She arrives, usually uninvited, and dumps out a suitcase in your living room. Trying not to let others see the awkwardness of it, you start to unpack what she brought; tears and laughter, nostalgia and despair, and even peace and gratitude.
Grief never tells you how long she is staying, and you’re not sure how long you want her there, either. Sometimes you want to kick her out. But deep inside you worry that with her departure, she might pack up some of your precious memories and strongest feelings.
Grief may be demanding and paradoxical. Sometimes she needs you to spend the evening looking at pictures and sobbing and then the next morning she may need a happy hike on a new trail, or to take on an ambitious new project. Sometimes she goes quietly into her room for long periods and then wakes you up in the night like an armed intruder.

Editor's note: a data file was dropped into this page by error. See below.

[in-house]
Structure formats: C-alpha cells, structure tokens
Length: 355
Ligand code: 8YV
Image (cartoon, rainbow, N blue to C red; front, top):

Grief and toddlers have a lot in common. You don’t get to choose their moods or outfits or how they behave in public. But also, they both mature so quickly that from month to month and year to year, you hardly recognize them. And although you don’t miss the outbursts, you do miss the poignancy of that stage – the raw honesty of it – the singularness, even the sacredness of it.
Grief is something of a shape shifter. She generally transforms from pain back into her true form: love. But the surprising part isn’t her transformation, but yours.